RIO VISTA — Busy muralist John Holland doesn’t throw out his paint brushes after a single use.
His five-gallon orange bucket filled with murky water and brushes, and his wooden sidekick nicknamed “Bob,” attest to that fact. Bob is a well-used paint brush with wild-hair bristles that he now uses for a painting technique called stippling.
The occasionally wild-haired Bob Marley, the king of reggae music, of course.
Holland, from South Lake Tahoe, was in Rio Vista on Wednesday, giving a mural demonstration that will be a “re” kickoff of a mural campaign designed to help fix up downtown Rio Vista.
“Community murals are fun,” he said, as he got ready for the all-day demonstration with about 30 soon-to-be local muralists. “They bring an added life to the area. I think Rio Vista has a prime opportunity for a nice organized mural campaign.”
Rio Vista’s inaugural mural committee was responsible for the mural on the side of the Rio Vista Fire Station – a replica of a 1933 fire station photo found by former fire chief, Tom Myers.
The new mural, spearheaded and paid for by RioVision – a community group galvanized to revitalize the city – is planned for the Second Street side of Books Rio V, which fronts Main Street. The building itself is owned by Hale and Sue Conklin. The mural will be a depiction of what the building used to be, a casino/saloon in the late 1800s or early 1900s, said Linda Solomon, the project leader for the mural. It will be a 3D optical illusion peek inside the saloon from the outside.
The group was looking for proposals, including concepts, and the favorite – an artistic technique called tromp-l’oeil that uses realism to create the optical illusions – was submitted by Chris Quan. Quan did a lot of research and came up with some old photos, including one of the saloon.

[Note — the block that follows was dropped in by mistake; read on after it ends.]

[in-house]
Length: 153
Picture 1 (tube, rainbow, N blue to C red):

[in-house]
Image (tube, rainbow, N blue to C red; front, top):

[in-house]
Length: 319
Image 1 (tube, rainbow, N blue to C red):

But that’s as far as Quan said he’s willing to go artistically. He came to the workshop Wednesday because of his interest in the project but, laughing, he denied any artistic ability.
“I’m not at all an artist,” he said. “If you asked me to paint, it would be ugly. I’m not sure if I’ll get my hands on (it) . . . it might cause extra work. For the sake of the greater good, I will probably stay hands off.”
With Quan’s concept, Solomon gave the drawings life – first a grid sketch and then a color rendition of what the bulk of the mural would look like, sans a few of the minute details. Both were on display at the demonstration.
The well-known Holland, who paints murals all over the West, demonstrated a variety of techniques and introduced many of the tricks of his trade. He eschews fancy equipment and instead goes for regular store-bought acrylic paints, dozens of brushes of various sizes, along with many household items such as box cutters and a long paint stick that he rigs into a compass.
Solomon hopes that this mural depicting a history snapshot of Rio Vista is the first of many more to come. She is already brimming with ideas, such as a whale depiction celebrating the 30th anniversary of Humphrey the whale, who first made an appearance in Rio Vista in 1985.
“One mural at a time,” she said. “Although in my mind, I have six or seven more.”
Solomon envisions giving tourists a reason to come to town with the murals and, she said, the city can’t afford to pay someone to paint multiple murals.
“Rather than buying the fish, we’re going to do the fishing ourselves,” she said. “If we want more murals, we can’t afford to hire someone for each one.”
Once the visitors are downtown looking at the murals, Solomon said, they walk by the stores and restaurants, hopefully stepping in to buy or eat.
Anyone interested in the mural project can contact Solomon at email@example.com. For more information on Holland and his work, go to www.hollandmurals.com.
Reach Susan Winlow at 427-6955 or firstname.lastname@example.org. Follow her on Twitter at www.twitter.com/swinlowdr.